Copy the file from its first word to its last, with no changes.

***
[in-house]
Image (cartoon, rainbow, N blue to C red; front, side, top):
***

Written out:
[in-house]
Image (cartoon, rainbow, N blue to C red; front, side, top):